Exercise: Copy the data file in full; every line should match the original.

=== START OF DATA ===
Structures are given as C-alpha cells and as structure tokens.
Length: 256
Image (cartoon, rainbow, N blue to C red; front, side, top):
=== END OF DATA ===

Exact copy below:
Structures are given as C-alpha cells and as structure tokens.
Length: 256
Image (cartoon, rainbow, N blue to C red; front, side, top):